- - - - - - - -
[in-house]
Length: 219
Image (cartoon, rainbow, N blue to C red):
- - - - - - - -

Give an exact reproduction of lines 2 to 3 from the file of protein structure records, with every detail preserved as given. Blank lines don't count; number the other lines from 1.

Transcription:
Length: 219
Image (cartoon, rainbow, N blue to C red):